It was first written in his mother tongue, Aramaic, and later rewritten in Greek. The work was endorsed by Vespasian, Titus and Agrippa. It may be said that such a man was not of fine enough character to be an impartial historian ; but impartial historians are quite a modern institution. All ancient historians took great liberties both with events and numbers, and put speeches of ther own composition in the mouths of the leading characters.
In connection with this work we may mention his autobiography, covering chiefly his questionable achieverments as commander-in-chief in Galilee in 66. It is his apologia pro vita sua.
To his merit, be it further said, he gladly became the advocate of his people in the land of the Gentile, and jeaously guarded their reputation. Against the traducer, Apion, an Egyptian grammarian, he launched a work in Israel's defense, "Josephus Against Apion," or "The Great Age of the Jews," in the form of a letter to a friend. It is in two books. In the first he replies to other traducers of the Jewish people. For the bad fashion had come into vogue of inventing absurd slanders against the Jews—a fashion, by the way, that has not yet passed away.
He easily refutes the charges of Manetho that the Jews were expelled form Egypt as lepers. "If lepers why should they have been kept so long as slaves."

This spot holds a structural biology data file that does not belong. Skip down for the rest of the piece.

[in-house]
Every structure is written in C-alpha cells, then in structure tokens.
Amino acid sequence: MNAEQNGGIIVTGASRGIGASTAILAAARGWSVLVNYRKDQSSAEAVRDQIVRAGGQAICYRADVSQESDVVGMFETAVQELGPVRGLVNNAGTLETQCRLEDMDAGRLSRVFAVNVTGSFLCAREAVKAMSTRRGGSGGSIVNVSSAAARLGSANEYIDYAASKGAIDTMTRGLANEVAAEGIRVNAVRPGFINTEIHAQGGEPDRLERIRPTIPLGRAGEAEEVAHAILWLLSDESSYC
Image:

Of Apion, the offender, who gives title to the book, he says: His writings show palpable ignorance and malevolent calumny; but as the frivolous part of mankind exceeds the discerning, I find myself under some kind of necessity to expose the `errors of this man.' He shows how Apion ridicules the Sabbath by misrepresenting its origin. `
To the slander that Jews worship a golden ass placed in their holy of holies, he replies that such charge could only have been brought by an Egyptian, for they do worship animals.
He dismisses the preposterous charge that Jews annually sacrifice a Greek, with the information that at the time of Moses, "the Jews knew not the Greeks." How old "the blood accusation" is!